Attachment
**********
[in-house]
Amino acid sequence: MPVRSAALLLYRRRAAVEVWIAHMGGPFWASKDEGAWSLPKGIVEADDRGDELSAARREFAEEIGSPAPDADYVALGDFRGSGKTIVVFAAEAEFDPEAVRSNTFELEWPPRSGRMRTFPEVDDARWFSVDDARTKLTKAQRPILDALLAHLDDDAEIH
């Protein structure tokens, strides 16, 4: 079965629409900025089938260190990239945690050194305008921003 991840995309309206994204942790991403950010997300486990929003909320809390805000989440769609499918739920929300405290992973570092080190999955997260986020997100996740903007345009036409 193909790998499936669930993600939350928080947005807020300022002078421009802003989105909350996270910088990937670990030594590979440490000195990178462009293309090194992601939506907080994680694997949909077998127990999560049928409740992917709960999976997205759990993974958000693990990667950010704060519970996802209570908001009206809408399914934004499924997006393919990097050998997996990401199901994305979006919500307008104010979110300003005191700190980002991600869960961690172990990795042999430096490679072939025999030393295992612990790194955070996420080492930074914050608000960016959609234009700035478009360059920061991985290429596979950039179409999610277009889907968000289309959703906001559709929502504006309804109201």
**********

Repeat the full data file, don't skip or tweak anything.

[in-house]
Amino acid sequence: MPVRSAALLLYRRRAAVEVWIAHMGGPFWASKDEGAWSLPKGIVEADDRGDELSAARREFAEEIGSPAPDADYVALGDFRGSGKTIVVFAAEAEFDPEAVRSNTFELEWPPRSGRMRTFPEVDDARWFSVDDARTKLTKAQRPILDALLAHLDDDAEIH
């Protein structure tokens, strides 16, 4: 079965629409900025089938260190990239945690050194305008921003 991840995309309206994204942790991403950010997300486990929003909320809390805000989440769609499918739920929300405290992973570092080190999955997260986020997100996740903007345009036409 193909790998499936669930993600939350928080947005807020300022002078421009802003989105909350996270910088990937670990030594590979440490000195990178462009293309090194992601939506907080994680694997949909077998127990999560049928409740992917709960999976997205759990993974958000693990990667950010704060519970996802209570908001009206809408399914934004499924997006393919990097050998997996990401199901994305979006919500307008104010979110300003005191700190980002991600869960961690172990990795042999430096490679072939025999030393295992612990790194955070996420080492930074914050608000960016959609234009700035478009360059920061991985290429596979950039179409999610277009889907968000289309959703906001559709929502504006309804109201």